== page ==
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Sunday, May 22, 2016: Sun-kissed, volcano-riddled Guatemala

My last day in Guatemala begins at 4:15 am and before noon the plane is set to take off. I peer out over this sun-kissed, volcano-riddled sliver of Guatemala one last time. In The Office finale, Andy Bernard says, “I wish there was a way to know you were in the good old days before you actually left them”, and I feel a longing ache in my heart even before the plane’s engines start. Even as I write this in my home in Houston, I haven’t fully left Guatemala.

When you take 20 students who only know just enough Spanish to say, “Hi, how are you?” and toss them in a foreign country with 2200+ locals waiting for medical care, you would expect them to struggle, right? Wrong. I couldn’t have asked for a better team than this. We didn’t just survive the heat and sheer number of patients; we had fun.

We take many things for granted, but we never really realize that until we meet someone who has to travel for five hours and wait in the searing sun for six hours before they can see a doctor and receive a 10-pack of Ibuprofen. It’s not only our privilege to help those less fortunate than us, but it’s our responsibility.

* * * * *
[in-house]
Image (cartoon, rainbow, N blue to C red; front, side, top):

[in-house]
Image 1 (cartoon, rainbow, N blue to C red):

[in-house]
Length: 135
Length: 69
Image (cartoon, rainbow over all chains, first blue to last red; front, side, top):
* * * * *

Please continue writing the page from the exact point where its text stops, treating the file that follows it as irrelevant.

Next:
I met some inspirational people on this trip—my fellow volunteers, the talented doctors, the grateful mayor of Masagua who thanked each volunteer personally, and those who toiled to make this opportunity possible, all working together and setting aside their own well-being to help strangers in a foreign country.

I leave Guatemala with memories and experiences I am never going to forget, and for that I am thankful. I leave Guatemala only because I already have a return ticket to Houston.

Thank you University of Houston, thank you Humanity First, and thank you Guatemala.

Until next time.

-Revanth Vadlamudi, Humanity First student volunteer

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Humanity First is registered in 43 countries across 6 continents, and has been working on human development projects and responding to disasters since 1994. These have included the earthquakes in Turkey, Pakistan, Japan and Iran, floods in Africa and Latin America, hurricanes (Katrina and Rita) , tornado's (Kansas) and wild fires (California) in the USA, Indonesia and Bangladesh, and conflicts in Eastern Europe.

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Since its inception and IRS registration in 2004, Humanity First has been focused on spending most of the raised funds on direct program related expenses. As a result, more than 90% of its funds are in that expense category. This is achieved through dedicated volunteers in its management, and program operation teams.

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